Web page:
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Subtleties in the language people use may reveal physiological stress.


Psychologists found that tracking certain words used by volunteers in randomly collected audio clips reflected stress-related changes in their gene expression. The speech patterns predicted those physiological changes more accurately than speakers’ own ratings of their stress levels.


The research, which is published on November 6 in Proceedings of the National Academy of Sciences suggests that changes in language may track the biological effects of stress better than how we consciously feel. It’s a new approach to studying stress, says David Creswell, a psychologist at Carnegie Mellon University in Pittsburgh, Pennsylvania, and one that “holds tremendous promise” for understanding how psychological adversity affects physical health.

这项11月6日发布于《美国国家科学院学报》的研究暗示出:用语中的变化能比我们有意识的感觉更好地追踪压力带来的生物效应。“这是一条研究压力的新路”,卡耐基梅隆大学(宾州匹兹堡)的心理学家David Creswell如是说,这条新路在理解心理逆境如何影响机体健康上,“蕴含着极大的前景”。

These biological changes seem to represent the body’s evolutionary response to threat, says Steve Cole, a genomicist at the University of California, Los Angeles, and a co-author on the paper. But he was always troubled by a “nagging observation”: they don’t tally well with how stressed people say they are.

“这些生物上的变化看上去是代表着机体演化出的对威胁的反应”,来自加州大学(洛杉矶)的遗传学家 Steve Cole连同论文中的联合作者如是说。但他常被一种“无法释怀的观察结果”困扰:这些观察结果与受压中人们的那些自述无法吻合。

Cole wondered whether stress biology is triggered instead by an automatic assessment of threat in the brain, which doesn’t necessarily reach conscious awareness. To find out, he and his colleagues teamed up with Matthias Mehl, a psychologist at the University of Arizona, Tucson, who studies how stress affects language.

Cole想知道压力带来的生物学现象是不是被脑中对威胁的自动评估进程触发的,而不一定会抵达意识能觉察到的层面。为了弄个水落石出,他和他的同事与亚利桑那大学(图桑)的心理学家Matthias Mehl开展了团队合作,后者研究的是压力如何影响语言。

He was particularly interested in what psychologists call 'function' words, such as pronouns and adjectives. “By themselves they don’t have any meaning, but they clarify what’s going on,” says Mehl. Whereas we consciously choose 'meaning' words such as nouns and verbs, researchers believe that function words “are produced more automatically and they betray a bit more about what’s going on with the speaker”. Mehl and others have found, for example, that people’s use of function words changes when they face a personal crisis or following terrorist attacks.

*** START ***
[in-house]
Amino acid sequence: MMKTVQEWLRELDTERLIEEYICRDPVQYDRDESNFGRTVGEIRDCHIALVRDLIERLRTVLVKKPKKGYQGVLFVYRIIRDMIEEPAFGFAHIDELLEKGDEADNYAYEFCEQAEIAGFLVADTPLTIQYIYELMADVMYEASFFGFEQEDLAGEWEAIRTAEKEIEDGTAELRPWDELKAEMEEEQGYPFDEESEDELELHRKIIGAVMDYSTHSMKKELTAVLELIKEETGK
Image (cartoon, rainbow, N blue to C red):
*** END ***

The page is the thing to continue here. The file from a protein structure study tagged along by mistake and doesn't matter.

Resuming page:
他对心理学家口中的“功能性”词汇尤感兴趣,譬如说代词和形容词。Mehl说,“它们本身没有任何意义,但它们(被使用的方式)呈示出当时(说话者的精神状态)发生了什么”。 与我们有意识地选择“有意义的”词汇诸如名词和动词相反,研究者们相信功能性词汇“被造出来的时候更浑然而不经思索,它们泄露出了更多讲话者本身正在发生的状况”。Mehl和其他研究者已经发现,当人们面对个人危机或恐怖袭击时,他们使用的功能型词汇发生了变化。

The researchers compared the language used by each volunteer with the expression in their white blood cells of 50 genes known to be influenced by adversity. They found that the volunteers’ use of function words predicted gene expression significantly better than self-reports of stress, depression and anxiety.


People with more stressed-out gene-expression signatures tended to talk less overall. But they used more adverbs such as 'really' or 'incredibly'. These words may act as “emotional intensifiers”, says Mehl, signifying a higher state of arousal. They were also less likely to use third-person plural pronouns, such as 'they' or 'their'. That makes sense too, he says, because when people are under threat, they may focus less on others and the outside world.


He cautions that more research is needed to test these specific effects, and to assess whether stress influences language, or vice versa. But he suggests that the approach could ultimately help to identify people at risk of developing stress-related disease. Doctors may need to “listen beyond the content” of what patients tell them, he says, “to the way it is expressed”.

他告诫说,需要更多的研究来检测这些特定的效果,然后才能判断压力是否能影响语言,反之亦然。不过他暗示,这种方法最终能够帮助鉴定出那些处于压力相关疾病病情恶化风险中的人们。 医师们可能需要“听听弦外之音”,在病人告诉他们的内容之外,“听听表达这些内容时的方式”。

Cole suggests that assessing language use could help to test whether interventions aimed at reducing stress really work. Perhaps “you could even ditch self-report stress measures”, he says, and instead listen passively to how trial participants speak.